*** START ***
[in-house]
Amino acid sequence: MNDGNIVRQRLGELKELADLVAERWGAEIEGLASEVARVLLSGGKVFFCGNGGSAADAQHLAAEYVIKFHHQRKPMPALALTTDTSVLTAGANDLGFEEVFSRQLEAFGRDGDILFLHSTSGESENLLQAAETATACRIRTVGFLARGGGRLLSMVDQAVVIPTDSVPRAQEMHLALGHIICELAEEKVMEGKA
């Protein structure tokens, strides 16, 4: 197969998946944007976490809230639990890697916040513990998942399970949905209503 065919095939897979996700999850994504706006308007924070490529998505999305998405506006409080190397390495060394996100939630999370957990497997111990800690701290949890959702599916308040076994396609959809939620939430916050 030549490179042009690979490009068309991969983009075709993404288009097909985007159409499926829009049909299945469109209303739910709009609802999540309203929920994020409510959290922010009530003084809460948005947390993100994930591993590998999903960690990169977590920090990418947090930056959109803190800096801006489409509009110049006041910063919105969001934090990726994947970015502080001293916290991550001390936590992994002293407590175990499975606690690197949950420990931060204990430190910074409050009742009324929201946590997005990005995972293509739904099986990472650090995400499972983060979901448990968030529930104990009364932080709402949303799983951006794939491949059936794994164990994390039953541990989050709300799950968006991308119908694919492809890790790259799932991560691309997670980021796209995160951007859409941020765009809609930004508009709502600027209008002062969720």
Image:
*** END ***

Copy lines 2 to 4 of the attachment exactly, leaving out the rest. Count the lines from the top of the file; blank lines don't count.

Amino acid sequence: MNDGNIVRQRLGELKELADLVAERWGAEIEGLASEVARVLLSGGKVFFCGNGGSAADAQHLAAEYVIKFHHQRKPMPALALTTDTSVLTAGANDLGFEEVFSRQLEAFGRDGDILFLHSTSGESENLLQAAETATACRIRTVGFLARGGGRLLSMVDQAVVIPTDSVPRAQEMHLALGHIICELAEEKVMEGKA
């Protein structure tokens, strides 16, 4: 197969998946944007976490809230639990890697916040513990998942399970949905209503 065919095939897979996700999850994504706006308007924070490529998505999305998405506006409080190397390495060394996100939630999370957990497997111990800690701290949890959702599916308040076994396609959809939620939430916050 030549490179042009690979490009068309991969983009075709993404288009097909985007159409499926829009049909299945469109209303739910709009609802999540309203929920994020409510959290922010009530003084809460948005947390993100994930591993590998999903960690990169977590920090990418947090930056959109803190800096801006489409509009110049006041910063919105969001934090990726994947970015502080001293916290991550001390936590992994002293407590175990499975606690690197949950420990931060204990430190910074409050009742009324929201946590997005990005995972293509739904099986990472650090995400499972983060979901448990968030529930104990009364932080709402949303799983951006794939491949059936794994164990994390039953541990989050709300799950968006991308119908694919492809890790790259799932991560691309997670980021796209995160951007859409941020765009809609930004508009709502600027209008002062969720």
Image: